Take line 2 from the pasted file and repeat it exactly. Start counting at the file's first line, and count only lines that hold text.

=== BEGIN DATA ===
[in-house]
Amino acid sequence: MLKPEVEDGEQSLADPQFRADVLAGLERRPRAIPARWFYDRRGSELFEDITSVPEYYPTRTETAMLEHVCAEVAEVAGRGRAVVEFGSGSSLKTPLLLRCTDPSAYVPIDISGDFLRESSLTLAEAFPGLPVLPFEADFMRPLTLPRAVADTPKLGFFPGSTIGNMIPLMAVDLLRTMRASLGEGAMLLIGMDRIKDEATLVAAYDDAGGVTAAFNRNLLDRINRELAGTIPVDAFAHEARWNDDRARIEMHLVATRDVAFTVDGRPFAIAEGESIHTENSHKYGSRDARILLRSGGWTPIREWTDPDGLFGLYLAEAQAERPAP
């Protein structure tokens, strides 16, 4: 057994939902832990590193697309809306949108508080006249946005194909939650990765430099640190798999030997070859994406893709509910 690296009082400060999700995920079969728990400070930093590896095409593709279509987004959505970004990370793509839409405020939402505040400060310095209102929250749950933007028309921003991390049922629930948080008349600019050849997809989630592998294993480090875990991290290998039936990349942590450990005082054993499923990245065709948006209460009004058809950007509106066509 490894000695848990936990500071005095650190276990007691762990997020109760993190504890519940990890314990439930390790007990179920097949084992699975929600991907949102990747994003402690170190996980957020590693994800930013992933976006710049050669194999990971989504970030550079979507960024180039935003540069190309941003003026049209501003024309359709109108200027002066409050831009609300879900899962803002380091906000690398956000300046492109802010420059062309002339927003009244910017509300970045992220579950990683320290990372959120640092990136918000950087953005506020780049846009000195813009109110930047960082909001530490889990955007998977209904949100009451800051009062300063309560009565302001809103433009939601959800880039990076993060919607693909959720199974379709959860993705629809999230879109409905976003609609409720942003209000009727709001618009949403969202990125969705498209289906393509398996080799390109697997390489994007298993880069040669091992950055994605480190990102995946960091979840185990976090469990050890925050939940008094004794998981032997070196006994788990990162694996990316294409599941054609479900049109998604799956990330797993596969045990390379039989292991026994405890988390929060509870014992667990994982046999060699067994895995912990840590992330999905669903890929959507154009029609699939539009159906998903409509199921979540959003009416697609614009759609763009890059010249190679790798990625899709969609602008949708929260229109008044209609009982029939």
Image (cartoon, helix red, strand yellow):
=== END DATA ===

Amino acid sequence: MLKPEVEDGEQSLADPQFRADVLAGLERRPRAIPARWFYDRRGSELFEDITSVPEYYPTRTETAMLEHVCAEVAEVAGRGRAVVEFGSGSSLKTPLLLRCTDPSAYVPIDISGDFLRESSLTLAEAFPGLPVLPFEADFMRPLTLPRAVADTPKLGFFPGSTIGNMIPLMAVDLLRTMRASLGEGAMLLIGMDRIKDEATLVAAYDDAGGVTAAFNRNLLDRINRELAGTIPVDAFAHEARWNDDRARIEMHLVATRDVAFTVDGRPFAIAEGESIHTENSHKYGSRDARILLRSGGWTPIREWTDPDGLFGLYLAEAQAERPAP